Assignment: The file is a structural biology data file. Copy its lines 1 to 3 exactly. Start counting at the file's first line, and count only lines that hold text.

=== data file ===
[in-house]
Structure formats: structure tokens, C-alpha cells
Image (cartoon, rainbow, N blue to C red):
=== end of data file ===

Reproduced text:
[in-house]
Structure formats: structure tokens, C-alpha cells
Image (cartoon, rainbow, N blue to C red):